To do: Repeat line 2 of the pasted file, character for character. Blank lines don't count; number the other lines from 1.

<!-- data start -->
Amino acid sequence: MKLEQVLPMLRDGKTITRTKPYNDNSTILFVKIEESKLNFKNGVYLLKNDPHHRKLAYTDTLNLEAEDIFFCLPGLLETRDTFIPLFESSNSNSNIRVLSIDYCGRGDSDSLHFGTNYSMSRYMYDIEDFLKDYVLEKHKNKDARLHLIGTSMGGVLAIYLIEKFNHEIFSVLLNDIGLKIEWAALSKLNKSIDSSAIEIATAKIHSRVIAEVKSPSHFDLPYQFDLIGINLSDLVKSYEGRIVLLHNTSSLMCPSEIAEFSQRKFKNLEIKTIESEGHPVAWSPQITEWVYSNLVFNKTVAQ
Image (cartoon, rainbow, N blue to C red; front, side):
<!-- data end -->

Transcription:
Image (cartoon, rainbow, N blue to C red; front, side):